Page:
Creating a MongoDB Docker Container with an Attached Storage Volume

By | October 29, 2016


One of the great things about Docker is with little effort you can spin up a container and begin to work with a new technology. In this case, we’ll be spinning up MongoDB within a container using an external path on the host for data storage.

We will introduce you to two Docker concepts: mapping volumes between containers and using a Dockerfile to automate the build.

Create the MongoDB Container

You will want to create a file called Dockerfile with your preferred text editor:

vi Dockerfile

It should be similar to the following:

FROM ubuntu
MAINTAINER [email protected]

   apt-key adv --keyserver hkp:// --recv 7F0CEB10 && \
   echo 'deb dist 10gen' | sudo tee /etc/apt/sources.list.d/mongodb.list && \
   apt-get update && \
   apt-get install -y mongodb-org

VOLUME ["/data/db"]

EXPOSE 27017

CMD ["mongod"]

The RUN instruction will execute the setup steps found on the MongoDB site in their correct order.

The VOLUME instruction will tell the container that ‘/data/db’ is a designated mount point for external hosts or other containers.

EXPOSE instructs the container to expose the given port to the host system.

You would finally conclude with a CMD instruction to run MongoDB.

Save this file and then from the folder where it is saved you will now need to build the container:

docker build -t mymongo .

or if your Dockerfile is stored elsewhere:

docker build -t mymongo /path/to/Dockerfile

You should now be able to issue a docker ps command and see your Docker image in the list.

Now, just spin up your container:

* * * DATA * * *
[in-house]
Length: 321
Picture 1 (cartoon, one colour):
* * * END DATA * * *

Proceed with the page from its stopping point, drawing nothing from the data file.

docker run --name mongo-dev -d -v /opt/mongodb:/data/db -p 27017 mymongo

The -v switch indicates your our mapping your local host /opt/mongodb directory with the /data/db directory within the container. The --name switch names the running instance.

Run docker ps to validate the container is running and mapping 27017 to a local port. You should also make note of the local port on the host system to which it is mapped. We’ll need this value in the next step.

Let’s go ahead and ensure we can connect to the server and create a new db with a record. You will need the mongo client tools installed to issue the next commands. Be sure to install the shell and tools match the version of mongo installed in your container:

mongo localhost:49155

Replace 49155 with the local port shown in your docker ps output.

You should now be at a Mongo prompt.

Create your new database:

use mynewdb

Next, let’s use MongoDB’s sample data script to populate a testData collection:

for (var i = 1; i <= 25; i++) {
   db.testData.insert( { x : i } )

Query the data:


Finally, exit the MongoDB shell:


Now, let’s just be sure that the instance of Mongo is actually keeping the db files outside of the container by doing a ls on /opt/mongodb. You should see something similar to:

journal  local.0  local.ns  mongod.lock  _tmp  mynewdb.0    mynewdb.ns

That’s great. Now, what happens when our container is restarted?

docker restart [container_id]

If you get the list of running containers you should now see that the status reflects the container being online for a short amount of time.

Go ahead and re-connect to your MongoDB instance and validate the data is still there.

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